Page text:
Note: This book is reviewed by my husband Jim.
Peter Hopkirk has written extensively on the efforts of the British Empire to maintain its control of the Indian subcontinent from incursions from the north and west. In Like Hidden Fire, he traces the clandestine efforts of Germany and Turkey in the First World War to sabotage Britain’s ability to wage war by fomenting jihad in its Empire.
The Germans thought that they, aided by the Muslim Turks, could persuade or bribe the Emir of Afghanistan to invade India. They hoped the Afghans would be joined by their numerous co-religionists in India to revolt against British rule. They would thus divert numerous British soldiers from the Western Front in Europe. The British Indian Army at the time drew most of its sepoys [Indians employed as soldiers in the service of the British] from Muslim subjects rather than from the more peaceful Hindus. Indeed, a substantial sepoy revolt had taken place in 1854, and the loyalty of the Muslim soldiers was always a bit suspect, particularly if they were called upon by their infidel (British) officers to fight other Muslims.
The problem the Germans faced was that there was no easy or obvious way to get to or even communicate with Afghanistan. There was not even a telegraph line between either Turkey or Germany and Afghanistan. The British and the Russians pretty much controlled Persia [modern day Iran], blocking the overland route from eastern Turkey. Only through the stupendous efforts of Captain Oskar von Niedermayer and Captain Werner von Hentig, who rode horseback across the Persian desert, were the Germans able to contact the Emir and enlist his assistance. Throughout their entire trek, the British and Russians (who had been alerted of their mission by spies) were on their heels.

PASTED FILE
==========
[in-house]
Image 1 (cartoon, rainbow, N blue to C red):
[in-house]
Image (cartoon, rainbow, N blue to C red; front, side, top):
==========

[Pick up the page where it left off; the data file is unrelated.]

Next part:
[Note: This map includes Pakistan, but prior to 1947 this area was a part of India. The Hindu Kush mountain range formed a natural barrier between what was then all of India and the country of Afghanistan.]
The Emir of Afghanistan proved to be a wily trader, who apparently prized his annual stipend from the British in India above religious fervor. Nothing came of the German mission, despite its heroics.
The next threat to the British Empire came in the form of a Turkish invasion of the Caucasus with the goal of obtaining the oil of Baku. The first Turkish efforts were turned back by the tsarist armies of Russia, but after the collapse of the tsarist empire in 1917, the Bolsheviks failed to stop the Turks. Hopkirk vividly describes the confusing and complex state of affairs in the region between the Black and Caspian Seas as Armenians, Azerbaijanis, Turkomen, and Bolsheviks tried to sort out their mutual enmities to decide whether they wanted to stop the Turkish onslaught. Meanwhile, the British did their best with meager resources to induce the tribesmen and the Russians (many of whom despised the Bolsheviks) to oppose the Turks.
[Note: This is an inset of the map shown above. Refer to the larger map to get a perspective of where India and Turkey are in relation to the Black and Caspian Seas.]
Although the geographical territory covered in the narrative is immense, the number of protagonists involved in the struggle is remarkably small. The British efforts were conducted by a handful of adventurous intelligence officers and only a few thousand troops. Ultimately, the fate of the area was determined more by events in Europe, involving millions of men, than the few on the scene. By the time the Turks took Baku, the Germans and Ottomans had been defeated in Europe. Even though the Armenians and non-Bolshevik Russians (aided by the British) were able to chase the Bolsheviks from the area in 1918, the Bolsheviks returned in 1920 to stay for 70 years.
Evaluation: An engaging story, well told, about exotic lands.
Rating: 4/5 stars
Published by Kodansha, 1994